The microtubule cytoskeleton and the development of neuronal polarity

J. W. Mandell, G. A. Banker

Research output: Contribution to journalArticlepeer-review

50 Scopus citations

Abstract

The concept that axons and dendrites represent a fundamental polarization of the nerve cell has been borne out by numerous morphological, functional, and molecular studies. How does polarity arise during development? We and others have focused on the role of the microtubule cytoskeleton because microtubules (a) are essential components of axons and dendrites; (b) possess an inherent polarity at the molecular level; (c) are regulated by interactions with microtubule associated proteins (MAPS), some of which have polarized distributions in mature neurons. Here we review data on the initial acquisition of polarity as observed in neuronal culture and roles for microtubules and MAPs in this morphogenetic event. We present data clarifying some previously conflicting results on tau localization during the establishment of polarity and provide new evidence that phosphorylation of tau is spatially regulated during the development of polarity in culture. Elucidation of mechanisms locally regulating tau phosphorylation during normal neuronal development may provide clues to the significance of its abnormal phosphorylation in Alzheimer's disease.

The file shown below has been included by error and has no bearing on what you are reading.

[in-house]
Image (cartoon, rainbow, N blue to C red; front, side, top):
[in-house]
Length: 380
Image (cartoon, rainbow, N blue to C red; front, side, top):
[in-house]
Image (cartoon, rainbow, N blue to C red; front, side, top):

Original languageEnglish (US)
Pages (from-to)229-237
Number of pages9
JournalNeurobiology of Aging
Volume16
Issue number3
DOIs
StatePublished - Jan 1 1995

Keywords

  • Axonogenesis
  • Microtubules
  • Neuron
  • Phosphorylation
  • Polarity
  • Tau

ASJC Scopus subject areas

  • Neuroscience(all)
  • Aging
  • Clinical Neurology
  • Developmental Biology
  • Geriatrics and Gerontology

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